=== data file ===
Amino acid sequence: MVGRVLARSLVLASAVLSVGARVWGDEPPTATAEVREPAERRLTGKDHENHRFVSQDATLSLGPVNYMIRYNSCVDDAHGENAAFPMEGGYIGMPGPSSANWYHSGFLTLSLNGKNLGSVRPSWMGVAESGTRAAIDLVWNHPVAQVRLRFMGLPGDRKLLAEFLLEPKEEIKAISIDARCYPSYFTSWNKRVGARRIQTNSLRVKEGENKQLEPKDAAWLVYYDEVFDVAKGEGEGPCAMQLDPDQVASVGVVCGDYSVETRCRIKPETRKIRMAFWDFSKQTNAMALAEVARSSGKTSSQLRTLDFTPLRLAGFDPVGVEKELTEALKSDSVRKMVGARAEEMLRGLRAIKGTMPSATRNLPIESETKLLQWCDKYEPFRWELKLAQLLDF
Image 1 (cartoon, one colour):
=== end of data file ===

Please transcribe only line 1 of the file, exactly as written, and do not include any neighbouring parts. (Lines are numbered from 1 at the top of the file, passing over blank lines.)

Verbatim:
Amino acid sequence: MVGRVLARSLVLASAVLSVGARVWGDEPPTATAEVREPAERRLTGKDHENHRFVSQDATLSLGPVNYMIRYNSCVDDAHGENAAFPMEGGYIGMPGPSSANWYHSGFLTLSLNGKNLGSVRPSWMGVAESGTRAAIDLVWNHPVAQVRLRFMGLPGDRKLLAEFLLEPKEEIKAISIDARCYPSYFTSWNKRVGARRIQTNSLRVKEGENKQLEPKDAAWLVYYDEVFDVAKGEGEGPCAMQLDPDQVASVGVVCGDYSVETRCRIKPETRKIRMAFWDFSKQTNAMALAEVARSSGKTSSQLRTLDFTPLRLAGFDPVGVEKELTEALKSDSVRKMVGARAEEMLRGLRAIKGTMPSATRNLPIESETKLLQWCDKYEPFRWELKLAQLLDF